Perhaps the hardest thing about following Paris Saint-Germain this season has been finding ways not to focus on Zlatan Ibrahimović. At the BayArena on Tuesday, the two-goal forward set another stiff challenge.
Ridiculously gifted, Ibrahimović is the eye of the French club's hurricane, swirling through opposition ranks and leaving destruction in his wake. Even when slightly off form – more draught than cyclone – Ibrahimović tends to finish games warming down in the headline of a match report.
That was true again at Bayer 04 Leverkusen, when little seemed to be going right for him in the early stages. One expert penalty plus an incendiary top-corner effort later, and Ibrahimović had written the story of the round of 16 first leg – if not the whole tie – with three minutes to spare in the first half.
The Sweden captain's glorious second strike rocketed him top of the UEFA Champions League scoring charts at a reported 103km/h, his ten goals coming from just six outings. As perverse as it may seem, however, what impressed me most about Paris's performance was their unremitting midfield swagger. "We'll need to keep the ball," warned coach Laurent Blanc in the build-up, and his triumvirate of Blaise Matuidi, Marco Verratti and Thiago Motta duly gave a masterclass in winning the central battle.
It was from the middle of the park that Paris took a rapid stranglehold. Matuidi bustled forward to dispossess Simon Rolfes, laid the ball off to Ibrahimović – him again – and the big No10 picked out Verratti, whose perfect threaded pass allowed Matuidi to finish the move. Less than three minutes into the game, the tone had been set, and Matuidi's constant drive proved telling again when he poked the ball out to Ibrahimović to batter in the visitors' third.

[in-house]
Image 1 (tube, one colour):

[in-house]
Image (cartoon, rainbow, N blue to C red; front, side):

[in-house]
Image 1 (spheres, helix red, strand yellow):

The French international was equally forceful in winning back possession, with Verratti and, in particular, Thiago Motta also quick to snuff out Leverkusen advances. The three men boast their own individual strengths, of course, but what makes them such a formidable unit is each player's impressive all-round game.
A crisp, imaginative passer, for example, Verratti carried the ball away from danger with one exquisite piece of skill in the opening period, and although Thiago Motta sits deeper than his colleagues, he is no mere midfield destroyer. The former FC Barcelona stalwart sent out more passes than anyone else on the pitch – 131 of them, making 91% of them stick.
When Blanc talks about his side's "playing philosophy", his all-singing, all-dancing midfield is the cornerstone. Laying down a band of high pressure, they create the conditions for Ibrahimović to reach tornado intensity, and with Leverkusen's equivalent trio of Rolfes, Lars Bender and Gonzalo Castro unable to compete in any department, that ultimately was where the match was decided. Tellingly, it was ended there too, Yohan Cabaye coming off the bench to cap a sparkling night. Shrewdly added to the mix in January, the former Newcastle United FC favourite is yet another player with a rounded skill-set.
How well Blanc's slick midfield might cope further down the road remains to be seen, however. Sterner tests undoubtedly lie ahead and, amid all the celebrations on Tuesday, Ibrahimović was among the first to insist on a little perspective. To him then, as so often, the final word: "You can be a good team and not win anything. What makes a great team is winning trophies."
The opinions expressed here are the writer's own and not those of UEFA.
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